One goal of outsourcing could be to increase the level of service while either reducing or maintaining the costs. This is a laudable goal and a worthy one to pursue. If this
is the intent it is even more important to do it right.
How will you measure the Outsourcing project?
Some organizations who examine the outsourcing option fail to properly prepare themselves to assess the success or failure of the relationship. It is critical that the metrics that will be employed to complete this assessment are known and in place. Further these comparisons must be ‘apples to apples’ and not to grapefruits. Don’t not measure the performance of the outsourcer to what you wished you could have achieved but rather to what you actually did achieve. This is true not only in securing pricing and negotiations but also in the day-to day management of the program.
One client we worked with issued an RFP to outsource a part of their business and included mandatory service levels significantly greater than those achieved in the in-house center. The net result of course was that the outsource vendors priced the solution to the service level desired, which was more labor intensive and submitted the corresponding price. The Call Center manager used the RFP responses to justify retaining the business internally “since there was no cost advantage to outsource”.
Similarly you must ensure that when comparing costs that the cost burdens are also equivalent; if rent was charged to the call center internally then rent relief or a credit should credited to the department if the work is outsourced and the space no longer required.
Of course there are other metrics beyond the financial; customer retentions (churn), average order value, customer satisfaction etc. Regardless of the metric(s) employed be sure that you maintain a level playing field and can compare ‘apples to apples’. Also make it abundantly clear to any potential outsource provider the metrics you will require and how you want to view them.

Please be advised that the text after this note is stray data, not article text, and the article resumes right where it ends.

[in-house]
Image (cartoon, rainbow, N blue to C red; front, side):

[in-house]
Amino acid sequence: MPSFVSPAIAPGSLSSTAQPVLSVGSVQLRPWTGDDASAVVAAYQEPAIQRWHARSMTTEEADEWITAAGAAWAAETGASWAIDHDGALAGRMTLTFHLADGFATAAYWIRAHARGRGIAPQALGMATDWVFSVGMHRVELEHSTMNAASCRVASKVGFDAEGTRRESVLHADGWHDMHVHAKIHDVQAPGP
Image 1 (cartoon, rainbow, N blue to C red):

While this seems obvious, we have seen companies that expend significantly more time and effort checking the references and background of a new TSR, than they do checking the references and background of a potential supplier who will invoice the company millions of dollars. Ask for references, ask for references that are similar to your needs, Nobody wants to be a guinea pig. Then check the references, bear in mind that the company will only provide those references where it expects a positive response, so also ask for former customers in the same or a similar vertical. When doing reference checks ensure you do more than just verify they worked together; ask how the relationship was managed, how disputes were resolved, speed of action, sense of urgency and about the access to management. The answers to these questions will give you an insight to how the company is operated and where their priorities lie. Addressing this in advance will eliminate potential problems downstream.
Sun Tzu, “So assess them to find out their plans, both successful and the failures. Incite them to action in order to find out the patterns of their movement and rest”. This is always good advice in battle of in business